Potential spread of Finnic. “Distribution of the Netted Ware according to Carpelan (2002: 198). A: Emergence of the Netted Ware on the Upper Volga c. 1900 calBC. B: Spread of Netted Ware by c. 1800 calBC. C: Early Iron Age spread of Netted Ware. (After Carpelan 2002: 198 > Parpola 2012a: 151.)

His effort to link the actual expansion of Finno-Ugric to Corded Ware territory, linking it also partially to population movements from the Seima-Turbino phenomenon – probably associated with the initial expansion of N1c lineages – is another good example of convergence of the different anthropological theories thanks to recent Genomic studies.


Genetic ancestry of Hadza and Sandawe peoples reveals ancient population structure in Africa

Open access paper Genetic Ancestry of Hadza and Sandawe Peoples Reveals Ancient Population Structure in Africa, by Shriner, Tekola-Ayele, Adeyemo, & Rotimi, GBE (2018).

Abstract (emphasis mine):

The Hadza and Sandawe populations in present-day Tanzania speak languages containing click sounds and therefore thought to be distantly related to southern African Khoisan languages. We analyzed genome-wide genotype data for individuals sampled from the Hadza and Sandawe populations in the context of a global data set of 3,528 individuals from 163 ethno-linguistic groups. We found that Hadza and Sandawe individuals share ancestry distinct from and most closely related to Omotic ancestry; share Khoisan ancestry with populations such as ≠Khomani, Karretjie, and Ju/’hoansi in southern Africa; share Niger-Congo ancestry with populations such as Yoruba from Nigeria and Luhya from Kenya, consistent with migration associated with the Bantu Expansion; and share Cushitic ancestry with Somali, multiple Ethiopian populations, the Maasai population in Kenya, and the Nama population in Namibia. We detected evidence for low levels of Arabian, Nilo-Saharan, and Pygmy ancestries in a minority of individuals. Our results indicate that west Eurasian ancestry in eastern Africa is more precisely the Arabian parent of Cushitic ancestry. Relative to the Out-of-Africa migrations, Hadza ancestry emerged early whereas Sandawe ancestry emerged late.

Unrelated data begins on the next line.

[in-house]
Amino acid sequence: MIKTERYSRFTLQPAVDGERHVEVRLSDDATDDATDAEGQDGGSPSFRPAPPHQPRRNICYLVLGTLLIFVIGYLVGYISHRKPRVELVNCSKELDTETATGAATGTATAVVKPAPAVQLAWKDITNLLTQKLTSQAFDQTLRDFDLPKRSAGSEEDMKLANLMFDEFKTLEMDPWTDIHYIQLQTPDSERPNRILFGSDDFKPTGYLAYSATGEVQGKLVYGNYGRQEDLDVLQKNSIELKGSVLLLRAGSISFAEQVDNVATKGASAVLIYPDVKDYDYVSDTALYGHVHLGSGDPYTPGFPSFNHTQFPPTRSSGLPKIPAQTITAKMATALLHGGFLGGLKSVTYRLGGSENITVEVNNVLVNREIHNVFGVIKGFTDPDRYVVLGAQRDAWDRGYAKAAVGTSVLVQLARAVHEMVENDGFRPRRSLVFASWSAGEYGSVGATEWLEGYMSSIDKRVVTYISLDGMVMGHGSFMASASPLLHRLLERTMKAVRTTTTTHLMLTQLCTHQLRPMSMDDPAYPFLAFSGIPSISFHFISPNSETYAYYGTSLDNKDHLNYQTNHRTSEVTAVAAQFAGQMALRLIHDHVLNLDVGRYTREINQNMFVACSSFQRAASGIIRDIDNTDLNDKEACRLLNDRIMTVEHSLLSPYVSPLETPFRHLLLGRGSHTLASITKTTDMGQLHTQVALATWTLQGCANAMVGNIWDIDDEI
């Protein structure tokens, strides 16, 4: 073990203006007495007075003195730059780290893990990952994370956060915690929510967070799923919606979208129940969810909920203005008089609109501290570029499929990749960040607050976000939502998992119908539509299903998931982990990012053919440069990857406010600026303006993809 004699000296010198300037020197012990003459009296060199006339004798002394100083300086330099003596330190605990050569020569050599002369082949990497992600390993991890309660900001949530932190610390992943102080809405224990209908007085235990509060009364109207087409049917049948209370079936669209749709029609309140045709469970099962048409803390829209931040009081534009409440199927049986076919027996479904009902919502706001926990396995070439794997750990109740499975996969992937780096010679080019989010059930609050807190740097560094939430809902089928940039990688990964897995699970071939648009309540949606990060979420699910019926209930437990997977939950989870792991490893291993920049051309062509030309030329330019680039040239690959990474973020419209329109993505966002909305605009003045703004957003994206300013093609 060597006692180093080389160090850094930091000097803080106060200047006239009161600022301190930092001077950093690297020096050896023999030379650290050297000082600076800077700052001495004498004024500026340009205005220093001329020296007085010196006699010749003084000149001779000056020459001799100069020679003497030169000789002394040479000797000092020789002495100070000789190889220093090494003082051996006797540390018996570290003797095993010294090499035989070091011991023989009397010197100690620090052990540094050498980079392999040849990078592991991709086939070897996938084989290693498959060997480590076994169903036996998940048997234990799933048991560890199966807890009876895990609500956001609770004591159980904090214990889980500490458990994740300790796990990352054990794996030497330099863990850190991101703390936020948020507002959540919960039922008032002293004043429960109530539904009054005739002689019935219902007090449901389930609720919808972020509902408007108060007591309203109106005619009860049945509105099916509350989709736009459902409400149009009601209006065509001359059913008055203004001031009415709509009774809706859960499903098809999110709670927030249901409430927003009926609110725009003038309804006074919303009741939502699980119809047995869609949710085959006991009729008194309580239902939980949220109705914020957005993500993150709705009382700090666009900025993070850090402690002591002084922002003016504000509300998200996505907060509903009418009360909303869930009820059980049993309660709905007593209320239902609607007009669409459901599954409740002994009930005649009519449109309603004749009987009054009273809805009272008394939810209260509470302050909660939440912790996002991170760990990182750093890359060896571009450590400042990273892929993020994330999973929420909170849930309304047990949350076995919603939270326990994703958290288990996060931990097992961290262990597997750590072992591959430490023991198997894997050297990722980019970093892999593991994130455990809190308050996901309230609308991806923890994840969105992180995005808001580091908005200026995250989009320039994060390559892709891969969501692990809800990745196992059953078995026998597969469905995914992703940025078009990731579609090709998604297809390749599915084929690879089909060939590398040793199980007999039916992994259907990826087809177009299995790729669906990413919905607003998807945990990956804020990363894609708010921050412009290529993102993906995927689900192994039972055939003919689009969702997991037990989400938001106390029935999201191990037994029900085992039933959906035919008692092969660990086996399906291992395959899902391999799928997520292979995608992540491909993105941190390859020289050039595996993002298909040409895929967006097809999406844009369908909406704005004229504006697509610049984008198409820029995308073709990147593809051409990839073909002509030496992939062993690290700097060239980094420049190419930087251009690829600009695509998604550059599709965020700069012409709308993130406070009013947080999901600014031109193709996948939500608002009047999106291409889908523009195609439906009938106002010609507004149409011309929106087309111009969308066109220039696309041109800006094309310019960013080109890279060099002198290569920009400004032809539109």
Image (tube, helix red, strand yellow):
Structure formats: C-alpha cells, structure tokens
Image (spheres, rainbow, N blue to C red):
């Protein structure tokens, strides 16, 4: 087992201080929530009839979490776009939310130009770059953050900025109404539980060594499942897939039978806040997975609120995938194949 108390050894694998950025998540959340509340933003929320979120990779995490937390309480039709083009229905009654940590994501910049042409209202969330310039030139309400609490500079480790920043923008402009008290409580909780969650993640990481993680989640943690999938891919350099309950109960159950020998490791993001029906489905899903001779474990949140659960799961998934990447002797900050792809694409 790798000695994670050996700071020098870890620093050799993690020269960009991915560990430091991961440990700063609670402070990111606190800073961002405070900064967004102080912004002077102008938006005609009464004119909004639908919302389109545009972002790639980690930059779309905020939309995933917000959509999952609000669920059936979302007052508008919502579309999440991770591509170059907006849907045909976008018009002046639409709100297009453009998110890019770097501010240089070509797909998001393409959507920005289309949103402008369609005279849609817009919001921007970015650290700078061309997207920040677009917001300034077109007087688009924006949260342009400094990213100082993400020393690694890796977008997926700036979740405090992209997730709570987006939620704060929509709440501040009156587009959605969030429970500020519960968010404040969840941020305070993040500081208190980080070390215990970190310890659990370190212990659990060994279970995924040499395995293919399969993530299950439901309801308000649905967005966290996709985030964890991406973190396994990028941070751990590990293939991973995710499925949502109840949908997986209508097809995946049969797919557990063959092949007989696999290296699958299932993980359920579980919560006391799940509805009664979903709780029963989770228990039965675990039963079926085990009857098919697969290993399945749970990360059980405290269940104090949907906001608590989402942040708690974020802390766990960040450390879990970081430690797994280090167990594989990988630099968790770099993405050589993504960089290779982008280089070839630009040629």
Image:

In the Hadza population, the distribution of Y chromosomes includes mostly B2 haplogroups, with a smaller number of E1b1a haplogroups, which are common in Niger-Congo-speaking populations, and E1b1b haplogroups, which are common in Cushitic populations (Tishkoff, et al. 2007). In the Sandawe population, E1b1a and E1b1b haplogroups are more common, with lower frequencies of B2 and A3b2 haplogroups (Tishkoff, et al. 2007).